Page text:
Malaka Gharib | KUOW News and Information

Malaka Gharib

Malaka Gharib is deputy editor and digital strategist of Goats and Soda, NPR's global health and development blog. She reports on topics such as the humanitarian aid sector, gender equality, and innovation in the developing world.

Before coming to NPR in 2015, Gharib was the digital content manager at Malala Fund, Nobel Peace Prize winner Malala Yousafzai's global education charity, and social media and blog editor for ONE, a global anti-poverty advocacy group founded by Bono. Gharib graduated from Syracuse University with a dual degree in journalism and marketing.

International humanitarian aid organizations say the travel restrictions issued by President Donald Trump on Saturday could have a dramatic impact on how they operate.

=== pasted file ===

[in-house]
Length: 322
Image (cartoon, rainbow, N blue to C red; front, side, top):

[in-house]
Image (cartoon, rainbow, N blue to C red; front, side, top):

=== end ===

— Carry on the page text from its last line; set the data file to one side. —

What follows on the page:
The Trump executive order temporarily bars all refugees and suspends — for the next 90 days — entry to the U.S. by citizens of Iran, Iraq, Libya, Somalia, Sudan, Syria and Yemen. The White House says the order was intended to protect the nation from "foreign terrorist entry."

The World Health Organization's next director-general will inherit an ailing institution with funding problems — and a bad reputation for how it's handled global health emergencies.

It's a shocking statistic that caught the world's attention last week: Just eight men own the same wealth as 3.6 billion people living in poverty — that's half the population of the planet.

This weekend, hundreds of thousands of Americans will be taking to the streets — some to celebrate, some to protest the inauguration and others to demonstrate for issues that the president-elect cares about.